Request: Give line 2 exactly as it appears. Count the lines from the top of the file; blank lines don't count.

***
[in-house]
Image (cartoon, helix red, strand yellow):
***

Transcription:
Image (cartoon, helix red, strand yellow):